Keeping your bank and its employees safe from assault or robbery is a serious concern. Due to the sensitive nature of working at a bank and the inherent danger of working near large sums of money, a guide to bank security procedures is available in the Bank Protection Act. This act serves as a broad guide to keeping your bank safe and requires that you create a process for safely opening and closing your bank. While each bank may go about this process differently, a few security checks should be universal.
Drive around the bank before entering to verify that there is no suspicious activity or noticeable forced entry. If you notice anything strange, you should alert the police.
Schedule at least two people to open and close the bank. This allows one person to stand outside to watch for any trouble while the other person handles initial opening duties.
Develop an "all-clear" signal that your employees can use. This signal should not be noticeable to the public. It may also be a good idea to develop an “alert” signal that is equally subtle. These signals should be changed in the event of a robbery or the termination of an employee.
Choose a safe place for your employees to go in the event of an emergency. This will help you keep track of each person for an accurate count of who is missing.
Create a two-phase opening procedure for any bank employee who must enter the bank alone at very early hours. Essentially, the employee should notify a family member or bank employee that he is entering the bank, and then call within a set amount of time to let everyone know he is safe. If the call does not come, that family member or employee should call the police.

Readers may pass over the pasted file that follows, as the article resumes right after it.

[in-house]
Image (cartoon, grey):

Lock the doors once the bank is closed and do not open them for anyone under any circumstance. This protects your employees in the evening hours.
Choose an employee to let customers out of the bank if they have remained past closing time. This employee should unlock the door for each person and immediately re-lock it once the customer is through.
Keep one employee near a phone just in case some sort of incident occurs at the bank. A substitute for this step can be having employees keep 911 on speed dial on their cell phones.
Go over all your opening and closing procedures with your entire bank staff, including those who work in the back and do not usually see customers. Being prepared for a bad situation is the best way to keep everyone safe.